Station

Group

S

N (m2)

N (0.28m2)

H′

J

2

B2

17

336

94

3.11

0.76

3

B2

29

750

210

3.90

0.80

6

B2

16

275

77

3.54

0.88

7

B2

21

443

124

3.59

0.82

8

A2a

16

243

68

3.42

0.85

9

A2a

18

629

176

3.56

0.85

12

B2

29

796

223

3.88

0.80

13

B1

15

171

48

3.21

0.82

14

B1

16

436

122

2.33

0.58

17

B2

18

361

101

3.18

0.76

18

B2

33

3,071

860

3.47

0.69

19

B2

25

286

80

3.78

0.81

20

A2a

26

1,132

317

3.35

0.71

21

A2a

23

9,464

2,650

0.79

0.18

22

A2a

19

2,693

754

1.43

0.34

23

A1

20

361

101

3.68

0.85

24

A2a

29

2,814

788

1.46

0.30

25

A2a

26

671

188

3.96

0.84

26

A2a

29

1,386

388

3.68

0.76

27

A1

21

686

192

3.74

0.85

28

A1

30

1,025

287

3.85

0.79

29

A2b

38

5,389

1,509

3.20

0.61

30

A2b

30

1,639

459

3.32

0.68

31

A1

21

621

174

3.16

0.72

32

A2b

37

1,311

367

4.26

0.82

33

A2b

29

8,607

2,410

2.13

0.44

34

A2b

19

12,229

3,424

2.20

0.52

Cluster group to which each station belongs is also indicated

The dominant species in terms of abundance were the tanaid Apseudes latreillii and the amphipods Siphonoecetes kroyeranus, Photis longipes (della Valle, 1893), Gammarella fucicola, Aoridae spp. (undetermined females), Microdeutopus versiculatus (Bate, 1856), Guernea coalita (Norman, 1868), Perioculodes longimanus (Bate and Westwood, 1868), Leucothoe incisa Robertson, 1892, Ampithoe ramondi Audouin, 1826 and Ampelisca typica (Bate, 1856), and the cumacean Cumella sp. The remaining peracarid taxa comprised less than 25% of the total abundance.

The most widespread species in the ria (at least found in 15 sampling sites) were the amphipods Leucothoe incisa, Aoridae spp., Perioculodes longimanus, Photis longipes and Atylus vedlomensis (Bate and Westwood, 1862), the isopods Eurydice truncata (Norman, 1868) and Campecopea hirsuta (Montagu, 1804), and the cumacean Cumella sp. (Table 3). About 55% of the species were only found in one to four sites.
Table 3

List of the most abundant peracarid taxa in the Ría de Aldán (>30 individuals collected in total)

Species

Species code

Sites

2

3

6

7

8

9

12

13

14

17

18

19

20

21

22

23

24

25

26

27

28

29

30

31

32

33

34

Group

B2

B2

B2

B2

A2a

A2a

B2

B1

B1

B2

B2

B2

A2a

A2a

A2a

A1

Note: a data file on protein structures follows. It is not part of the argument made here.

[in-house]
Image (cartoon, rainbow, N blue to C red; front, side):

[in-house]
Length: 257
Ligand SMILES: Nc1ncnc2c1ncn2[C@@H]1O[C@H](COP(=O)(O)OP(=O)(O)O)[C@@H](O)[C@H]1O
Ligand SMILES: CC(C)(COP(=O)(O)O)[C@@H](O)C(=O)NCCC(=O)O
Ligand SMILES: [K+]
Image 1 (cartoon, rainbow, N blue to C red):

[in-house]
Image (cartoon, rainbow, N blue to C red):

A2a

A2a

A2a

A1

A1

A2b

A2b

A1

A2b

A2b

A2b

Amphipoda

                             

 Abludomelita obtusata (Montagu, 1813)

Abl obt

    

11

        

4

 

11

      

168

  

82

  

 Ampelisca brevicornis (Costa, 1853)

Amp bre

    

7

7

    

4

  

129

14

100

64

71

71

57

  

4

     

 Ampelisca tenuicornis Lilljeborg, 1855

Amp ten

   

4

 

43

18

4

        

14

29

114

 

75

161

4

     

 Ampelisca typica (Bate, 1856)

Amp typ

    

25

  

11

7

    

57

 

50

 

39

 

211

14

39

68

7

57

32

  

 Ampithoe ramondi Audouin, 1826

Amp ram

             

4

     

4

  

29

  

64

607

21

 Aoridae spp.

Aor spp

  

11

14

11

 

121

39

4

 

4

171

 

61

 

25

 

25

18

29

 

4

46

4

4

46

1121

 

 Atylus vedlomensis (Bate and Westwood, 1862)

Aty ved

 

4

43

 

25

 

4

36

  

75

21

29

4

4

  

7

 

4

  

11

14

  

4

 

 Autonoe cf. spiniventris (della Valle, 1893)

Aut spi

    

136

  

36

18

 

4

  

14

    

36

  

21

      

 Autonoe spp.

Aut spp

  

18

        

154

 

11

         

21

    

 Ceradocus semiserratus (Bate, 1862)

Cer sem

  

71

        

446

                

 Dexamine spinosa (Montagu, 1813)

Dex spi

                      

154

  

150

221

29

 Gammarella fucicola (Leach, 1814)

Gam fuc

           

136

4

         

43

21

 

32

5382

364

 Gammaropsis sp.

   

4

11

   

21

  

4

25

       

11

 

7

21

4

    

 Guernea coalita (Norman, 1868)

Gue coa

 

121

57

57

25

  

143

 

4

68

79

79

11

   

11

     

179

   

746

 Harpinia pectinata Sars, 1891

Har pec

                

61

   

136

129

  

29

7

  

 Leucothoe incisa Robertson, 1892

Leu inc

 

4

 

11

 

25

11

18

  

4

18

 

118

14

36

21

21

43

29

14

54

104

4

21

100

4

96

 Maera grossimana (Montagu, 1808)

            

39

         

4

  

18

 

75

 

 Maera othonis (Milne-Edwards, 1830)